Effects of heme oxygenase system on inflammation, oxidative stress, insulin signaling and tissue injury in liver, heart, kidney and pancreas in obese, diabetic and hypertensive rats
Mishra, Manish 1980-
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Tissue injury and metabolic dysfunction are salient features of obesity, diabetes, and hypertension. Inflammation and oxidative stress are considered key players behind this altered tissue homeostasis that drastically affect several vital organs including liver, heart, kidney and pancreas resulting in the development of hepatic steatosis, cardiomyopathy, nephropathy, pancreatic insulitis and abnormal glucose metabolism. Despite significant advancement in pharmaceutical interventions, the desired efficacy to manage these conditions is still lacking. In these situations, cytoprotective and functional attributes of the heme oxygenase (HO) system can be used as an alternative management tool. Although, the HO system is cytoprotective, its role in tissue injury and dysfunction in obesity, diabetes, and hypertension is not completely clear. To explore the importance of upregulating HO in these conditions, HO is induced through hemin in the rat models of obesity, diabetes and hypertension. My thesis work show that HO upregulation reduced the inflammation and oxidative stress-induced tissue injury in liver, heart, kidney, and pancreas through reduction of proinflammatory M1 macrophage marker (ED1) expression, cytokines (TNF-α, IL-1β, IL-6), oxidative-markers (8-isoprostane, ET-1) and profibrotic/extracellular matrix proteins (TGF-β, collagen-IV, fibronectin) and enhancement of the anti-inflammatory M2-macrophage markers (ED2, CD206, CD36, CD14), adiponectin and total-antioxidant capacity. HO upregulation improved glucose metabolism through potentiation of insulin signalling components (IRS-1, IRS-2, PI3K, GLUT4), reduced hyperglycemia, and enhanced several markers implicated in pancreatic repair and/or regeneration (c-Kit, Sca-1, Oct3/4, Pax2, β-catenin, Islet-1, Nkx6.1 and GLUT2). Collectively, the data from my thesis suggested the multifaceted cytoprotective mechanisms of the HO system against increasing tissue injury and metabolic dysfunction during obesity, diabetes and hypertension. Thus, HO upregulation through hemin may be part of therapeutic management strategies against tissue injury and metabolic dysfunction in obesity, diabetes and hypertension in the future.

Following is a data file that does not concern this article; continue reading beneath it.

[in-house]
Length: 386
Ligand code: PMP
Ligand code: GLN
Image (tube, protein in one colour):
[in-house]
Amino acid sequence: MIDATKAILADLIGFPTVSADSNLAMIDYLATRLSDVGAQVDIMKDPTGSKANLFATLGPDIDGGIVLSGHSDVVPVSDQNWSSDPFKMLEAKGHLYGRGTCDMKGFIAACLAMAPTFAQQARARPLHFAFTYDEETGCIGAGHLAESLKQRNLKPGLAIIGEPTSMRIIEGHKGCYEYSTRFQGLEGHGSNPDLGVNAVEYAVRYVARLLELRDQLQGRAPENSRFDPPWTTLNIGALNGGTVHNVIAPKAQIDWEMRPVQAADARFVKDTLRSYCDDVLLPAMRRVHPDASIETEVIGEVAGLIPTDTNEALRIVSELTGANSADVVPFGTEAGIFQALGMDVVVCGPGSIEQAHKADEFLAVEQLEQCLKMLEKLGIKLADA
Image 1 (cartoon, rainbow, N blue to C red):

DegreeDoctor of Philosophy (Ph.D.)
CommitteePrasad, Kailash; Lee, Paul; Hiebert, Linda; Ianowski, Juan
Copyright DateOctober 2017
Diabetes, hypertension, obesity, tissue injury, insulin signaling